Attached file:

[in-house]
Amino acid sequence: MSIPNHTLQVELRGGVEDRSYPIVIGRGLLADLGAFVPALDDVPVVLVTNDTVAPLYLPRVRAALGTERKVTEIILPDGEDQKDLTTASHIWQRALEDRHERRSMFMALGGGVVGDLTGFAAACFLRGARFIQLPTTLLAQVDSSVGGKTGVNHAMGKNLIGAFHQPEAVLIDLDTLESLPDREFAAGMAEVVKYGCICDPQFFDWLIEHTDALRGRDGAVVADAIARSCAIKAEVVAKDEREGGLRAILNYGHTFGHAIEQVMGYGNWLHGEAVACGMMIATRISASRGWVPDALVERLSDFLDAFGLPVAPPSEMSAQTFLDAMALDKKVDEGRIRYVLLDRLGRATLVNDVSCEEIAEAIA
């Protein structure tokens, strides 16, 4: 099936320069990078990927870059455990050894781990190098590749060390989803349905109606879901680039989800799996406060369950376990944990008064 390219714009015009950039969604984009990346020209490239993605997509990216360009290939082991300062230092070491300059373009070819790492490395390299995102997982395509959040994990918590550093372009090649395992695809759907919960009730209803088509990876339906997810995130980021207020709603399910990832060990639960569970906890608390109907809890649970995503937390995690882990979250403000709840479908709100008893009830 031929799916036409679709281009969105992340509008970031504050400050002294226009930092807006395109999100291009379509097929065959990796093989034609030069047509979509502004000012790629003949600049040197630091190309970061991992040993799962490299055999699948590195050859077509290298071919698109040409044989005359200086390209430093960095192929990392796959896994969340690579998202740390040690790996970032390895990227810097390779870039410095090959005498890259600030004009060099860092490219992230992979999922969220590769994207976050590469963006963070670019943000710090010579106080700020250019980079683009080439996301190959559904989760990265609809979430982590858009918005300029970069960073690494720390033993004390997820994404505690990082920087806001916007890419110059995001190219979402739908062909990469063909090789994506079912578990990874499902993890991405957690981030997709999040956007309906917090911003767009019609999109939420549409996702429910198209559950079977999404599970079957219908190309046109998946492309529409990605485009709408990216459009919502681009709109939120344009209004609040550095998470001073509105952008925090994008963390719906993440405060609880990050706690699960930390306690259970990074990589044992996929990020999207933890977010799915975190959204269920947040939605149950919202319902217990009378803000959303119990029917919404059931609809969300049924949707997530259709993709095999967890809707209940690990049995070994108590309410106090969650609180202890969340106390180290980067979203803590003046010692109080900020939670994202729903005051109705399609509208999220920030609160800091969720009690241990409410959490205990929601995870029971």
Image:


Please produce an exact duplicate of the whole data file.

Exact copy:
[in-house]
Amino acid sequence: MSIPNHTLQVELRGGVEDRSYPIVIGRGLLADLGAFVPALDDVPVVLVTNDTVAPLYLPRVRAALGTERKVTEIILPDGEDQKDLTTASHIWQRALEDRHERRSMFMALGGGVVGDLTGFAAACFLRGARFIQLPTTLLAQVDSSVGGKTGVNHAMGKNLIGAFHQPEAVLIDLDTLESLPDREFAAGMAEVVKYGCICDPQFFDWLIEHTDALRGRDGAVVADAIARSCAIKAEVVAKDEREGGLRAILNYGHTFGHAIEQVMGYGNWLHGEAVACGMMIATRISASRGWVPDALVERLSDFLDAFGLPVAPPSEMSAQTFLDAMALDKKVDEGRIRYVLLDRLGRATLVNDVSCEEIAEAIA
């Protein structure tokens, strides 16, 4: 099936320069990078990927870059455990050894781990190098590749060390989803349905109606879901680039989800799996406060369950376990944990008064 390219714009015009950039969604984009990346020209490239993605997509990216360009290939082991300062230092070491300059373009070819790492490395390299995102997982395509959040994990918590550093372009090649395992695809759907919960009730209803088509990876339906997810995130980021207020709603399910990832060990639960569970906890608390109907809890649970995503937390995690882990979250403000709840479908709100008893009830 031929799916036409679709281009969105992340509008970031504050400050002294226009930092807006395109999100291009379509097929065959990796093989034609030069047509979509502004000012790629003949600049040197630091190309970061991992040993799962490299055999699948590195050859077509290298071919698109040409044989005359200086390209430093960095192929990392796959896994969340690579998202740390040690790996970032390895990227810097390779870039410095090959005498890259600030004009060099860092490219992230992979999922969220590769994207976050590469963006963070670019943000710090010579106080700020250019980079683009080439996301190959559904989760990265609809979430982590858009918005300029970069960073690494720390033993004390997820994404505690990082920087806001916007890419110059995001190219979402739908062909990469063909090789994506079912578990990874499902993890991405957690981030997709999040956007309906917090911003767009019609999109939420549409996702429910198209559950079977999404599970079957219908190309046109998946492309529409990605485009709408990216459009919502681009709109939120344009209004609040550095998470001073509105952008925090994008963390719906993440405060609880990050706690699960930390306690259970990074990589044992996929990020999207933890977010799915975190959204269920947040939605149950919202319902217990009378803000959303119990029917919404059931609809969300049924949707997530259709993709095999967890809707209940690990049995070994108590309410106090969650609180202890969340106390180290980067979203803590003046010692109080900020939670994202729903005051109705399609509208999220920030609160800091969720009690241990409410959490205990929601995870029971």
Image: